PHL manufacturing: Low value-added goods in past 20 years


THE country’s manufacturing sector has “languished” and has not progressed from producing low value-added goods, according to a report released by the United Nations (UN).

The report also found that for the past 20 years, the country’s competitiveness advantage has diminished to just 14 percent in 2018 from 20 percent in 1995.

These were part of the findings of a Policy Brief titled, “Diversification, Jobs and the Covid-19 Recovery,” which was done through a joint research

project of the International Labor Organization (ILO), United Nations Development Program

(UNDP), and the United Nations Industrial Development Organization (UNIDO).

“The Philippines has also become more of a market of consumer goods rather than a hub of manufacturing exports due to the combination of a liberal trading regime and a large domestic market with increasing purchasing power boosted by the robust flow of remittances,” the UN said.

The report observed that the unit values of the country’s top exports such as semiconductors and electronics remained “low and largely unchanged” between 1991 and 2012.

Differences in average unit values between partner firms are consistent with the pattern of specialization where the Philippines demonstrates a comparative advantage in labor-intensive, and thus lower-value export goods, and a comparative disadvantage in higher-value, capital-intensive imports.

The report also noted that this has also caused the number of exporting firms to shrink. The survival rate of manufacturing exporters trended down since 2001.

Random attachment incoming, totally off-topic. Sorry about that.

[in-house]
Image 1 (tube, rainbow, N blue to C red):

Further, the UN report said, the rates of new entry fell to just 24 percent in 2012 from a high of 88 percent in 1999.

Based on data obtained by the UN, the number of exporters in the country was at 8,265 in 2019, only a 24.8-percent growth from the 6,621 firms in 1991.

The highest number of exporters in the country was 12,212 in 2005. That was the only time the country saw the number of exporters breach the 12,000 level.

The UN said the number of importers have been larger compared to exporters between 1991 and 2019. In 2019, there were 16,488 importers in the country, a 33.21-percent growth from the 12,377 firms in 1991.

The highest number of importers between 1991 and 2019 was 1997 when there were a total of 22,903 importers. This is also the only time the country breached the 22,000 level during the 28-year period.

“For Filipino firms, this entails behaving like exporters who must compete with foreign businesses to survive in the domestic market,” the report said.

Diversification hard

Meanwhile, the report noted that diversification is also becoming increasingly difficult for firms.

The country did diversify its products between 2003 and 2018, the UN noted, but these efforts only translated to 3 percent of export revenues, contributing only $33 to the country’s income per capita in 2018.

In contrast, another Asean country Vietnam added 48 new products, composed mostly of electronics during the period. This added $1,015 to its per capita income and 35 percent to its total exports during the 15-year period.

The report noted that in 1995, there were more complex products compared to 2018. This meant that difficulties in catching up have piled up through the years.

“While the Philippines has diversified, the volume of its new products was not big enough to substantially contribute to overall growth. The diversification space for the Philippines has also significantly narrowed,” the report stated.

Last month, the country’s economic managers upgraded the growth projections for goods exports this year and for services exports in 2022 while affirming the assumptions on the country’s GDP growth for this year until 2024.

Goods exports are now seen by the Cabinet-level Development Budget Coordination Committee (DBCC) to rise by 10 percent this year from its previous projection of 8 percent, “following an expected recovery in external demand.”

Meanwhile, the growth of service exports in 2022 was revised upward to 7 percent from its old projection of 6 percent as it expects travel and BPO receipts to improve with the gradual reopening of the economy.

As Covid-19 cases in the country are declining since the peak in April this year and the economy is in gradual reopening mode with more targeted granular lockdowns, the DBCC kept unchanged its growth targets of 6 to 7 percent this year, 7 to 9 percent in 2022, and 6 to 7 percent in 2023 and 2024.

Read full article on BusinessMirror

Leave a Reply